Peel in the Isle of Man. Its Traditional Boat Weekend (July 25th to 28th) is one of the maritime highlights of the classic boat scene in the Irish Sea. Photo: W M Nixon

However, for those who prefer racing with three-sided sails, one of the most beautiful coastal areas in all Ireland will be the venue for the WIORA Championships at Mayo SC on Clew Bay from July 23rd to 26th. Unless you've a boat small enough to trail, it's a long sea haul from other centres, but ICRA Commodore Nobby Reilly has made the brilliant suggestion that the SailFleet J/80s should all be taken to Mayo SC for this championships, with top offshore clubs then nominating junior crews to race them on Clew Bay.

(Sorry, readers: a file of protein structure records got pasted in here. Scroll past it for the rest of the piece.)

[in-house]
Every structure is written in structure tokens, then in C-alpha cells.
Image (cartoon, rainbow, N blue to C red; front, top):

A new event, the Welsh IRC Nationals at Pwllheli, ushers in August, and it's very handy for boats from the east coast of Ireland, with marvellous sailing waters against the gorgeous backdrop of Snowdonia. Dates are 1st to 3rd August. As the 4th is a Bank Holiday in Ireland, it's very time-friendly, and with Stephen Tudor in a key role, the only extra requirement for a very classy event is for the weather to play its part.

Back in Ireland meanwhile, time-honoured events such as the West Cork regattas in the first half of August and the Cruinniu na mBad (the Gathering of the Boats) at Kinvara on Galway Bay at mid-month are always guaranteed to provide sport and entertainment at many different levels, but for serious racing people the focus from August 10th to 15th is on Strangford Lough and the GP14 Worlds at East Down YC.